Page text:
Each month Moto received a dozen items to translate, 78 in all. In early 2004 they started running three a week via Shinchosha's keitaibunko site [L Two from my published books also ran weekly. As with all my short fiction, I wrote my keitai first drafts the old-fashioned way, by hand--a good many scribbled across the street from the spires of Gaudi's Sagrada Familia cathedral during a stay in Barcelona. Others I wrote at the national library in Madrid (Anya was doing a book on Spanish food), passing under Borges' portrait daily on my way to conjure up, say, two otaku (computer geek) pals quarreling over a fantasy dream girl.
By spring 2005, when Shinchosha released the project as a slim book called I-mode (Keitai) Stories , 100,000 readers had "accessed" the work online. Hardly comparable of course to the 10 million hits racked up in two years just now by Love Sky, from young female keitai-novel star (and fellow Shinchosha author) Mika Naita. Nor did my book sales, which were okay, match anything like the 2.7 million for Yoshi's four volumes of Deep Love, the great early success in the field. Apparently though keitai readers (mostly young, female) aren't always the greatest book buyers. A cell phone fits in a tiny purse fine, but a book?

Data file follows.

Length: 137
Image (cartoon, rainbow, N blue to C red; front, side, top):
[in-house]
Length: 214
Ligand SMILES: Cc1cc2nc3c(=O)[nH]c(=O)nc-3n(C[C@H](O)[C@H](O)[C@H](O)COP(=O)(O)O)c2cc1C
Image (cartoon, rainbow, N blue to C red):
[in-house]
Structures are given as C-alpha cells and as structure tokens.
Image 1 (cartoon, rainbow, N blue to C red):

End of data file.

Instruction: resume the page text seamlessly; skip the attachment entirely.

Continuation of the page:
A key element to big online success seems to be interactivity. Mika and Yoshi feverishly changed story lines according to readers' ongoing responses. I did think of this, but then didn't push the idea.
But I now own a cell phone, albeit an American one. And while my following book, NASTYbook (anti-kids tales for kids) pubbed here traditionally, Moto's translation ran again, most of it, on keitai, before Shinchosha issued the hardcover last year. I hope we keep doing that.
I-mode Stories has yet to find an American publisher, mobile or regular--it only exists as a book in Japanese. Being frugal I revised some of the minitales for my very latest American kids' work, Yet Another NASTYbook (May 2007). HarperCollins, which publishes me, is starting to get into kids' reading on cell phones, but so far only with huge name authors. Mobile Internet platforms still lag behind here. Perhaps because unlike in Japan, American kids have broadband computers in their bedrooms.
What Lies Ahead?
I recently asked Moto Shibata if he read any keitai lit. He and I have become good friends; we gave a reading at Kinokuniya's theater in Shinjuku in 2006, including from our keitai work together. "Ha, ha!" he wrote back. "You know I still don't own a cell phone! The only thought I had when I translated your keitai stories was that I would do no homework--read other stories published on keitai, etc. I had the conviction that I didn't have to--or I shouldn't--follow any conventions, if there were any....